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February 28, 2021

Cabrillo Gallery exhibit explores history of Black photographers

Since the start of the pandemic, Cabrillo Gallery has had to adapt exhibits through its website and social media. But the gallery’s newest show, “Bearing Witness: Manifesting Black History from Photographic Archives,” is one that might not have existed outside a virtual format.

“Honestly, it’s something we couldn’t mount in a physical exhibition,” said Gallery Director Beverly Rayner. “The fact we’re not open physically makes it a great time to do a show like this—it’s perfect for this year.”

“Bearing Witness” opens Monday. It presents digital archives of about 100 images by Black photographers throughout history, from the dawn of photography and beyond. The show covers subjects such as professional studio portraits, traveling photographers, the Civil War and emancipation, Black universities and more.

Rayner and Program Coordinator Victoria May said they had been wanting to do a show specifically for Black History Month (February) for a long time. Then when the current Black Lives Matter (BLM) movement unfolded in the summer of 2020, they saw even more reason to. 

“So many aspects of history, and especially inequality, have been about ignoring others’ experiences,” Rayner said. “We’ve always had a mainly white-controlling narrative. This [exhibit] is a way to subvert that. It’s a way to shine light on others’ experiences.”

Added May: “What strikes me most are the more ordinary images of people in daily situations… Sweet, everyday images of everyday life. This is a parallel society who’s been ignored throughout history.”

“Isaac & Rosa, slave children from New Orleans” was taken by Kimball in 1863.

“Bearing Witness” was curated by Kathryn Mayo, Professor of Photography at Cosumnes River College in Sacramento. Rayner contacted Mayo to be part of the show after seeing her posts on social media about BLM. 

“When I reached out… she was so enthusiastic, and dove right in,” Rayner said. “She wanted to do all the research… she’d already done plenty for her students. She’s always wanted to represent photographers of color in her classroom.”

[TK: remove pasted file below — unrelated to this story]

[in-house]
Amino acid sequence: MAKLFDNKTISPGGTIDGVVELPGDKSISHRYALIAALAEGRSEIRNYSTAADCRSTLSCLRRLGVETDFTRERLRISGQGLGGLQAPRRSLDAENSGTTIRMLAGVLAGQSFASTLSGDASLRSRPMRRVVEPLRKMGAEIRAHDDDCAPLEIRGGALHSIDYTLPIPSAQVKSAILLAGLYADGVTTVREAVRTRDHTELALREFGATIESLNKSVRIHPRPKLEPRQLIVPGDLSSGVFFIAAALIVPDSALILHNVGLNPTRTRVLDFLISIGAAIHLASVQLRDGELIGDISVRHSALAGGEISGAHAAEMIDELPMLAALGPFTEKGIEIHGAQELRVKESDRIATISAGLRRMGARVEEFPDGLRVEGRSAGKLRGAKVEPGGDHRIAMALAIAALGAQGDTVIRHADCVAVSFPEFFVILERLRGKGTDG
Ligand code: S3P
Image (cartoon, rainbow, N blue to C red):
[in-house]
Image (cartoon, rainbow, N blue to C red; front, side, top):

Education is a major part of “Bearing Witness.” The gallery reached out to various departments at Cabrillo College to utilize the exhibit in classes. By coincidence, an African American History course which is only offered occasionally is being taught this semester. And a newly launched student podcast is also looking to work with Mayo, using excerpts from the show.

On Feb. 21 at 5pm, the gallery will host an Artist’s Talk via Zoom, where Mayo will discuss her background, her approach to equity-minded teaching and how she curated “Bearing Witness.” Viewers are required visit the exhibition page to register.

Both May and Rayner brought up the unique impact photography has on culture and the human experience.

“It’s about capturing time, at one specific moment,” May said. “You look at someone’s face and go into a reverie about what was happening, what they were thinking… There is a real human element to that.”

Also, photography is important for comparing and seeing parallels between the past and present.

“You see images of past protests, of violence and voter suppression against the Black community,” Rayner said. “And they’re echoed over time. These issues are not new, and they’re not going away. Maybe we’re making incremental steps, but we should be a whole lot further along at this point.”

“Bearing Witness: Manifesting Black History from Photographic Archives” will run through March 12. For information visit the gallery’s website and follow on Facebook and Instagram.

Johanna Miller
Johanna Miller
Reporter Johanna Miller grew up in Watsonville, attending local public schools and Cabrillo College before transferring to Pacific University Oregon to study Literature. She covers arts and culture, business and agriculture.

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